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Gospel of freedom and reconciliation


Etim Ekong

God creates man and gives him the freedom to choose. “Choose this day whom you will serve” (Joshua 24:15; cf. 1 kings 18:21). Some of the parables of Jesus dramatise the Deuteronomic exhortation, “Therefore choose life” (Deut. 30:19). Some Theologians have argued that to grant human freedom would contravene the sovereignty of God. These Theologians appeal to passages in which God actually overrides human freedom. This could be seen when He hardens Pharaoh’s heart (Exodus 9:12; 10:20,27; 11:10). Another example is when a lying spirit was put into the mouth of the false prophets (1 Kings 22:23). But a careful study of these passages will reveal that instead of contradicting the belief in human freedom, they support it.

Pharaoh and false prophets were deprived of their normal capacity for free choice, presumably for having overtaxed God’s patience. Before God intervened, Pharaoh had already hardened his own heart three times (Exodus 8:15, 32; 9:34). This shows that the same God, Who gave men the gift of freedom can also, under sufficient provocation revoke it (cf. Isaiah 6:9 f, Rom 1:24). The lesson we have also learnt here is that men are in bondage, when they transfer their trust to some false god, which having demanded their freedom as collateral, promptly forecloses it. Whatever potential freedom they retain is like that of a man in prison.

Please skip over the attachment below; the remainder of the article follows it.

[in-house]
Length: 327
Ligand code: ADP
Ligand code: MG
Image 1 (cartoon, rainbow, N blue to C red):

The good news is that ‘where false gods enslave men, the mark of the true God is to liberate‘(Isaiah 61:1). Those in bondage can only be delivered when they accept God’s invitation to ‘walk in His ways.’ The ‘ways of the Lord’ are the ‘Law of liberty’ (James 1:25; cf Psalm 119:45). “The perfect law of liberty” could also be called “the perfect law that gives freedom.” It seems paradoxical that a law could give us freedom, but God’s law points out sin in us and gives us the opportunity to ask for God’s forgiveness (Romans 7:7,8). Contrary to what we often expect, obeying God’s laws does not inhibit or restrain us. Instead, it frees us to be what God designed us to be. By seeking God’s salvation and forgiveness, we have freedom from sin and the resulting oppressive guilt. By living God’s way, we have freedom to fulfill His plan for our lives.

On reconciliation, we have seen in 2 Cor. 5:18-19 how God brings us back to Himself by blotting out our sins (cf. Eph. 2:13-18) and making us righteous. When we trust in Christ, we are no longer God’s enemies, or strangers or foreigners to Him. Because we have been reconciled to God, we have the privilege of encouraging others to do the same. Believers should not take this responsibility lightly. Irrespective of your vocation, how well are you fulfilling your mission as Christ’s ambassador? You are needed most at this time of uncertainty.

The “Ministry of Reconciliation” is a beseeching of men to be reconciled to God (2 Cor. 5:20). The very ground on which this appeals is based is that ‘God was in Christ reconciling the world to Himself, not counting their trespasses against them’ (2 Cor. 5:19). Based on the Apostle’s teaching, sinners are the objects of a Divine judicial wrath (Romans 1:18). They lie under a condemnation that needs to be removed (Romans 3:19 ff.)

It is only those who are no more in bondage, those who experience freedom that can enter into the ministry of reconciliation. Reconciliation has a twofold aspect namely, a Godward and a Manward. Before men experience peace, there must be the removal of the variance on both sides.

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Etim Ekong
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